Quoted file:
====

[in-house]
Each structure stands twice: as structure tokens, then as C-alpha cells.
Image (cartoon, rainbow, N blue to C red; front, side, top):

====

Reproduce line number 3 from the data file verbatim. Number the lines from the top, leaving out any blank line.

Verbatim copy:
Image (cartoon, rainbow, N blue to C red; front, side, top):